PMC in 2017

President's Letter

Dear Colleague:

According to Michael Pellini, CEO of Foundation Medicine and PMC board member, "We have to think about this space differently because ‘standard of care’ is not good enough.”

His comment, which came in a panel discussion at the Personalized Medicine Coalition’s 12th Annual Personalized Medicine Conference at Harvard Medical School in November of 2016, sums up PMC’s central premise: to improve patient care and also make the health care system more efficient, we have to continue to develop and integrate innovative diagnostic technologies into medicine. And to do that, we have to be willing to examine old ways of doing things and, when appropriate, replace them with new approaches.

Patients deserve no less, and while many organizations advocate for personalized or precision medicine, PMC is the only group that convenes all the field’s stakeholders to make the case for its development and adoption. Focused on only one issue, PMC organizes many perspectives into one vision.

That vision has never been more compelling. As documented by PMC's Progress Report, the Coalition’s educational and advocacy efforts had a real impact on the field in 2016 during a remarkable year of advances that have ranged from the development of the Precision Medicine Initiative to the pharmaceutical industry’s increasing investment in developing targeted therapeutics, now numbering 131, up from only five in 2008.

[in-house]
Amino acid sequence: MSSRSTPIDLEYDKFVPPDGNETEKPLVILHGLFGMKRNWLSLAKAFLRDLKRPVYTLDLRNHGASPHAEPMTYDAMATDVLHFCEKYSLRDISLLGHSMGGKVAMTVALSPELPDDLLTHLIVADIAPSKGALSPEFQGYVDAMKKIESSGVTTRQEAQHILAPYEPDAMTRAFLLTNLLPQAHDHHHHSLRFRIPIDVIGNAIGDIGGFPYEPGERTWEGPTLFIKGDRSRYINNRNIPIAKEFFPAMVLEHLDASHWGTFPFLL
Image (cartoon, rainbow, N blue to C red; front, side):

Our work, however, is hardly done, and it will undoubtedly become more difficult in 2017 when a new administration reviews its health care priorities with little knowledge of the power and purpose of personalized medicine.

As our Strategic Plan for 2017 shows, we have in place a comprehensive educational and advocacy effort to help improve the landscape for investment in and delivery of personalized medicine, not only in the United States but also across the globe. The plan includes the publication of a new Personalized Medicine Report, which will serve as the primer that defines the field, as well as advocacy for multiple public policy projects. These projects will advance our goal of moving away from one-size-fits-all/trial-and-error medicine.

None of this will be possible, though, without your support.

On behalf of all of our members, I would like to extend my thanks in advance for your commitment.

Sincerely yours,

Edward Abrahams
Personalized Medicine Coalition